A public information workshop hosted by the city of Leander drew vitriol from residents of the Cold Springs neighborhood, many of whom said the city changed a voter-approved plan for Lakewood Park without public notice.
Leander voters approved $10 million in bond funds in May 2014 to build Lakewood Park adjacent to the Cold Springs and Hazelwood subdivisions. Vehicular entrance to the park was originally planned to go through the undeveloped Crystal Springs neighborhood. City Manager Kent Cagle said the city lost access to Crystal Springs when its developer, Buffington Homes, walked away from the development after its funding partner fell through.
"The land is on the market now," Cagle said.
He said the city identified a qualified buyer in past six weeks—American Century—who would be willing to dedicate the land needed for the park and its entrance.
"They want to close by the end of December," Cagle said.
But the city was awarded a $400,000 grant from the Texas Parks and Wildlife Department that it must use on Lakewood Park by January 2018 or it will be revoked, Cagle said. In order to begin work on the park before the grant expires, the city presented a new park plan that, among other changes, would shift the primary entrance into the Cold Springs neighborhood temporarily.
The Cold Springs neighborhood was originally slated to have only a hike and bike trail entrance to Lakewood Park. Residents argued a vehicular and construction entrance would be unsafe for neighborhood residents, especially children.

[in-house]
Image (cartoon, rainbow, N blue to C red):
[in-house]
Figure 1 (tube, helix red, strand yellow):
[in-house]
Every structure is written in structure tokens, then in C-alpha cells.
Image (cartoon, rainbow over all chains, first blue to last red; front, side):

Ryan Thompson, former Cold Springs Homeowners Association president, was among the first of more than 20 people to speak in opposition to the new entrance proposal. He said the city did not contact any of the residents of Cold Springs to inform them about the change. When he tried to contact the Leander Parks and Recreation Department, he said his emails went unanswered and his calls went unreturned.
"We are being misled by our city," Thompson said.
Cagle said the city did not want to attend the Oct. 27 workshop without a proposal, but the proposal was subject to change based on residents' input.
When another resident asked if the temporary entrance to Lakewood could be constructed somewhere other than Cold Springs, the design project manager said the park was confined by private land on all other sides.
Numerous residents said they would not have voted for the 2014 bond if they had known access to the park would go through Cold Springs. Resident Scott Calame asked if the city knew the original Crystal Springs developer was in financial trouble at the time of the 2014 bond election.
"We knew there were some issues," Cagle said.
Others said narrow roads in the neighborhood have caused trucks and SUVs to flip in the past, and they feared with more traffic coming in and out of the park, it would happen with children present. Many residents in the crowd agreed the city should give up the state grant and wait until a developer purchased Crystal Springs to being construction on the park.
At the request of residents, Cagle said he would find out whether Texas Parks and Wildlife would extend the grant beyond the January 2018 deadline and whether the city could somehow construct a roadway through Crystal Springs prior to its purchase by a developer.
"We're here tonight, and we're listening to you," Cagle said.